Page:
"In some ways disease does not exist until we have agreed that it
does, by perceiving, naming, and responding to it," writes Charles
E. Rosenberg in his introduction to this stimulating set of essays.
Disease is both a biological and a social phenomenon. Patient,
doctor, family, and social institutions--including employers,
government, and insurance companies--all find ways to frame the
biological event in terms that make sense to them and serve their
own ends. Many diseases discussed here--endstage renal disease,
rheumatic fever, parasitic infectious diseases, coronary
thrombosis--came to be defined, redefined, and renamed over the
course of several centuries. As these essays show, the concept of
disease has also been used to frame culturally resonant behaviors:
suicide, homosexuality, anorexia nervosa, chronic fatigue syndrome.
Disease is also framed by public policy, as the cases of industrial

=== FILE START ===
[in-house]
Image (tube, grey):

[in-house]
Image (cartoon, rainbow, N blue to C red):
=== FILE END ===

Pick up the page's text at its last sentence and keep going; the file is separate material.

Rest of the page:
disability and forensic psychiatry demonstrate. Medicl
institutions, as managers of people with disease, come to have
vested interests in diagnoses, as the histories of facilities to
treat tuberculosis or epilepsy reveal. Ultimately, the existence
and conquest of disease serve to frame a society's sense of its own
"healthiness" and to give direction to social reforms. The
contributors include Steven J. Peitzman, Peter C. English, John
Farley, Christopher Lawrence, Michael Macdonald, Bert Hansen, Joan
Jacobs Brumberg, Robert A. Aronowitz, Gerald Markowitz, David
Rosner, Janet A. Tighe, Barbara Bates, Ellen Dwyer, John M. Eyler,
and Elizabeth Fee. Charles Rosenberg is Janice and Julian Bers
Professor of the History of Science at the University of
Pennsylvania. Janet Golden is an assistant professor of history at
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